Computer game industry pioneer Electronic Arts Inc. (EA) has underperformed the market significantly year-to-date (YTD), down 12.8% versus the S&P 500's 1% loss in 2018. Now, one team of analysts on the Street is reconsidering their bullishness on shares of the Redwood City, Calif.-based entertainment company, suggesting that tougher times may lay ahead for investors, as outlined by Barron's

Various Headwinds Limit EA's Valuation Expansion in Near Term

In a note to clients on Monday, KeyBanc Capital Markets analyst Evan Wingren reduced his rating on Electronic Arts from overweight to sector weight, admitting that his team was wrong about the video game maker's growth potential. He contributed his weaker outlook to a "lack of positive catalysts" facing the entertainment company, alongside doubt that Electronic Arts can post results in line with the Street's estimates in the next fiscal year.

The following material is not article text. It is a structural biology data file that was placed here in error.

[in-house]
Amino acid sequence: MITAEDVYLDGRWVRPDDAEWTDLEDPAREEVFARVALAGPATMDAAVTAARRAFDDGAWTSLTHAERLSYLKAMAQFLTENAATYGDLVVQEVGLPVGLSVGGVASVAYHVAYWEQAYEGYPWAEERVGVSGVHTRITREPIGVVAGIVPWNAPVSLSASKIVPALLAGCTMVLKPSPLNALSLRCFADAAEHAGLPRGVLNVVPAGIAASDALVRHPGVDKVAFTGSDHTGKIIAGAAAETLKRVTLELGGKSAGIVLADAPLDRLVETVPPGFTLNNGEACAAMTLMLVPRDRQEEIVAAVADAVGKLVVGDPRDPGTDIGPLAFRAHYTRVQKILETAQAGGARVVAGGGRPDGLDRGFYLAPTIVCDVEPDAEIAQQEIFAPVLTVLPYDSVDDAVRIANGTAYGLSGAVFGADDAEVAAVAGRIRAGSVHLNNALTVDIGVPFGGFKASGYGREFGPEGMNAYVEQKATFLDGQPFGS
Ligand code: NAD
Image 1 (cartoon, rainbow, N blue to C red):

“We have been wrong, as it has corrected sharply from its highs and underperformed; despite this correction, visibility remains low, we expect negative estimate revisions, and we have diminished confidence in the pipeline, which is likely to continue to limit valuation expansion in the near term," wrote Wingren.

The KeyBanc analyst is particularly disappointed with the departure of key leaders for games "Battlefield V" and "Anthem." He added that there is "low visibility" on the potential for live services within both mentioned titles. 

EA's shares shrank 3.5% on Monday following the downbeat report, and are up roughly 0.5% on Tuesday morning at $91.62. 

Not all are so bearish. In July, Needham analysts wrote a note in which they dubbed Electronic Arts the "Netflix of Gaming," expecting the company to benefit from a widespread shift to "games as a service" wherein consumers subscribe to video games rather than purchasing them outright. In August, Needham lowered its price target from $170 to $150, still reflecting a near 64% upside from current levels.